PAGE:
Opted to accept the results of Palestinian democracy: For Palestinians, and believe it or not Israelis too, the best thing that happened in the recent past was when Hamas was chosen in peaceful elections to take over the governance of Palestine. Prior to those elections, where was Hamas? They were in their underground bunkers carrying out atrocities that were disrupting your daily agenda—and mine—with absolutely no accountability whatsoever. When they accepted the Oslo process and ran for office and were duly elected, they stopped, for all intent and purpose, attacking inside Israel (by which I mean, inside the Green Line). Your citizens become significantly safer! Your government (and the U.S.) responded by refusing to accept the results of our elections and imposed sanctions on the elected Palestinian government. This was long before any violent infighting took place in Gaza between Hamas and Fatah. How did the Palestinians react to your intransigence? They pressed Hamas to replace its Hamas-only government with a unity government that had all the significant Palestinian political factions represented. You were thus presented with an accountable body that encompassed all Palestinian political flavors. Your government again responded by refusing to accept the results of our elections and continued with sanctions against the Palestinian government, repeating over and over the mantra that “there is no partner.” Beyond that, the Israeli government intensified its campaign of assassinating and arresting Palestinians in Gaza and the West Bank and introduced a whole new range of draconian punitive measures against the Palestinian public at large. Like what, you ask? Well, one such measure was that your government began blocking foreign nationals—people like me—from entering or doing business in the occupied territory, thus hindering any real chance to create a new, forward-looking reality. You could have accepted Palestinian democracy instead of propping up your own version of a failed Palestinian leadership. Opted not to interfere in Palestinian internal politics: When Hamas violently struck at Fatah in Gaza—for reasons that have been well documented elsewhere—your government chose to punish all 1.5 million Palestinians by installing a hermetic seal on Gaza and allowing only a trickle of normal traffic to go in or out, meeting only a small fraction of Gaza’s needs. Lest you suspect me of indulging in empty clichés, I shall explain. International agencies have estimated that Gaza’s daily basic needs amount to 450 truckloads a day. For 18 months prior to your aggression on Gaza, your government allowed 70 truckloads a day on average. Yes, seventy! And these were allowed to enter only when the border crossings that you control were open, which was only 30% of the time. You could have chosen not to use food, medicine, education, cement, water, electricity, and so forth, as tools of repression. If you saw yourselves accurately as the occupying power you are, you could have kept in place a lawful security regime on the borders without creating a humanitarian disaster which led to irrational acts (such as missiles being lobbed over the border) by those you tried to starve into submission. You could have made a firm distinction between your political desires and your humanitarian obligations as an occupying power.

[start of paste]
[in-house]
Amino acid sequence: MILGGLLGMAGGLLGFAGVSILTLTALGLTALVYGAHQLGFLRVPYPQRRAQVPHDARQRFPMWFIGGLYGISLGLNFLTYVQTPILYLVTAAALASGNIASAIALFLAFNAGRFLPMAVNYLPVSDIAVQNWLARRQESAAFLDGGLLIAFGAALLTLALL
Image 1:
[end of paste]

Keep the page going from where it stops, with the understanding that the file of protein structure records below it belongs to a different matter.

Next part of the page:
This list could go on and on.
The fact of the matter is that you had a long list of options open to you! So many, indeed, that it boggles the mind that your government has apparently been able to blind you to all of them…so that today, as the bombs shriek over Gaza, you can say, and evidently sincerely mean it: We had no other option.
Nevertheless, even with all these options effectively invisible to you, there is nothing on this earth—not law, not politics, not even a desperate and lengthy campaign of rockets creating widespread fear and even some civilian deaths on your side of the border—there is nothing that can justify, by Israel or any other country on this earth, the decision to opt for a crime against humanity as your chosen response. Nothing!
You accepted your government’s path to separate unilaterally from occupied Palestinians; you accepted an illegal barrier to be built on confiscated Palestinian lands; you accepted a unilateral disengagement that simply redeployed your occupation from the heart of Gaza to its perimeter, on land and sea and in the air, rather than actually removing it; you accepted the continuing expansion of your settlements and their systematic harassment of their Palestinian neighbors while talking peace; you accepted, and sadly continue to accept, a consensual blindness to the fact that the majority of Palestinians live as refugees, far from your occupation (practically, not geographically), and feel much more rage than you have lately been creating in the Gaza Strip. I urge you to stop acquiescing in this policy of managed unreality. I urge you to open your eyes and wake up. If not for our sake, then for your own.
You may not see us over the Separation Wall you built; you may not see us from the cockpits of your F-16s or from the inside of your tanks; you may not see us from the command and control center in the heart of Tel Aviv as you direct your pilots to launch their ton of munitions over our heads. Still, I can assure you of one thing. Until you wake up and demand that your leaders choose a different path, a path toward a life as equals and neighbors instead of trampler-on and trampled-on, you and your warrior sons and daughters will continue to see us—all of us, living and dead—in your nightmares, where we will continue to demand peace with justice.
SAM BAHOUR is a management consultant and entrepreneur living in Ramallah; he is co-editor of “Homeland: Oral History of Palestine and Palestinians,” and blogs at epalestine.blogspot.com.